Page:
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Hackers Publish COVID-19 Vaccine Data Stolen From EU Medicines Agency

Hackers have started leaking documents related to COVID-19 medicine and vaccines that were stolen from the European Medicines Agency (EMA) in early December 2020.

The data breach resulted in “a limited number of documents belonging to third parties” being unlawfully accessed, EMA announced on December 11. An investigation was immediately launched into the incident.

While EMA did not provide information on the affected third-parties, Pfizer and BioNTech at the time published a joint statement to reveal that the incident resulted in hackers accessing “some documents relating to the regulatory submission for Pfizer and BioNTech’s COVID-19 vaccine candidate, BNT162b2.”

At the time, Pfizer and BioNTech also said that no trial participants appeared to have been identified using the accessed data.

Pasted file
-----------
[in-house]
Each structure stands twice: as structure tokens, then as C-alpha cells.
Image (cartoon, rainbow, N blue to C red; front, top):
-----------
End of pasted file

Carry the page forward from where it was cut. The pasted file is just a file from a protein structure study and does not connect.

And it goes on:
One week later, EMA, which contacted law enforcement and contracted a third-party firm to support the investigation into the incident, reiterated that the data breach affected only a limited number of documents.

On Wednesday, the agency revealed that the threat actor behind the data breach has published some of the documents that were stolen during the incident (in which a single IT application containing data related to COVID-19 medicines and vaccines was compromised).

“The ongoing investigation of the cyberattack on EMA revealed that some of the unlawfully accessed documents related to COVID-19 medicines and vaccines belonging to third parties have been leaked on the internet. Necessary action is being taken by the law enforcement authorities,” EMA announced.

The regulator also notes that it continues to notify the entities and individuals who might have had documents or personal data accessed during the data breach.

“The Agency and the European medicines regulatory network remain fully functional and timelines related to the evaluation and approval of COVID-19 medicines and vaccines are not affected,” EMA also said.

While both EMA and the affected organizations refrained from providing specific information on the accessed files, BleepingComputer says Microsoft Word documents, PowerPoint presentations, email screenshots, EMA peer review comments, and PDF documents were stolen.

The hackers started leaking data allegedly stolen from EMA at the end of December.

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